Surfers transform plastic into fuel

February 24, 2011 | Surfing
Surfers Without Borders: a new fuel friend

Surfers Without Borders have presented the results of the "Plastic to Oil" demonstration, held at the Orella Stewardship Institute.

The new technology allows everyone to transform normal everyday plastic into gasoline, kerosene and diesel for your surf trips. At the beach, if you need to refuel, pick up some trash and transform it again.

This is definitely not the only answer to the huge global issue of marine debris, but it is really helpful. The machine will head to Santa Barbara and will be shown by doing beach clean-ups and transforming plastic.

For the past several years, Surfers Without Borders have been researching various methods of producing energy from waste.

While there are many clean ways to get electricity from biomass or organic matter, the NGO was particularly looking for ways to create an incentive for people to clean up the ocean, mainly the plastic that has gathered itself and our attention in the Northern Pacific Gyre.

After many sessions surfing the internet, Surfers Without Borders came across a pretty promising process and series of machines designed by the Blest Corporation of Japan.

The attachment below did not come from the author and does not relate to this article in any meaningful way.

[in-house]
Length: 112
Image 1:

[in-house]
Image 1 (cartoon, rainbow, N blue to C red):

After contacting them, they were put in touch with their US representatives, E-N-ergy Inc.

The machines range from a small desktop units to large continuous processing machines and refiners that can handle up to multiple tons of plastic waste.

The plastics are put into the melting chamber where they are heated to around 420 deg C, at which point the plastic boils and the hot gasses are run through a water bath to be condensed into oil.

The desktop unit uses one kilowatt of electricity to convert one kilogram of plastic into one liter of oil, at a cost of around US $0.25.

The oil can then be further refined back through the same machine into gasoline, kerosene, and diesel.

A small amount of ash is left over, and the off-gasses are turned into CO2 and water with a catalytic converter, or can be used to run a generator.

The process is called pyrolysis and is a tried and true method for converting almost any type of material into energy.

Material is super heated in the absence of oxygen, so does not combust, but vaporizes into gas. Since there is no combustion, the process is relatively clean.